EnglishEdit

EtymologyEdit

Borrowed from French révolter, from Italian rivoltare, itself either from ri- with the verb voltare, or possibly from a Vulgar Latin *revoltāre < *revolvitāre, for *revolūtāre, frequentative of Latin revolvō (roll back) (through its past participle revolūtus).

PronunciationEdit

VerbEdit

revolt (third-person singular simple present revolts, present participle revolting, simple past and past participle revolted)

  1. To rebel, particularly against authority.
    The farmers had to revolt against the government to get what they deserved.
  2. To repel greatly.
    Your brother revolts me!
    • 1796, Edmund Burke, Letters on a Regicide Peace
      This abominable medley is made rather to revolt young and ingenuous minds.
    • 1870, John Morley, Condorcet (published in the Fortnightly Review
      To derive delight from what inflicts pain on any sentient creature revolted his conscience and offended his reason.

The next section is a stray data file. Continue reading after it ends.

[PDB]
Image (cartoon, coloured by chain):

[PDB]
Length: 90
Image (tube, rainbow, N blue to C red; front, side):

3. To cause to turn back; to roll or drive back; to put to flight.
  4. (intransitive) To be disgusted, shocked, or grossly offended; hence, to feel nausea; used with at.
    The stomach revolts at such food; his nature revolts at cruelty.
  5. To turn away; to abandon or reject something; specifically, to turn away, or shrink, with abhorrence.

TranslationsEdit

NounEdit

revolt (countable and uncountable, plural revolts)

  1. An act of revolt.
    Synonyms: insurrection, rebellion

TranslationsEdit

Related termsEdit


Serbo-CroatianEdit

EtymologyEdit

Borrowed from French révolte.

NounEdit

rèvolt m (Cyrillic spelling рѐволт)

  1. revolt

DeclensionEdit

This entry needs an inflection-table template.